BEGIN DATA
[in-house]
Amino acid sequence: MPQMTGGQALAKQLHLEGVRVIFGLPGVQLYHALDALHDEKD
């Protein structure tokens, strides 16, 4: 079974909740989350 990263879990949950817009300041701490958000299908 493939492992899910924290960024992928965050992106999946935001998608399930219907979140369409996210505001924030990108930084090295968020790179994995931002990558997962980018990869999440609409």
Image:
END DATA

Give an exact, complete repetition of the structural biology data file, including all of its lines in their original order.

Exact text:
[in-house]
Amino acid sequence: MPQMTGGQALAKQLHLEGVRVIFGLPGVQLYHALDALHDEKD
């Protein structure tokens, strides 16, 4: 079974909740989350 990263879990949950817009300041701490958000299908 493939492992899910924290960024992928965050992106999946935001998608399930219907979140369409996210505001924030990108930084090295968020790179994995931002990558997962980018990869999440609409």
Image: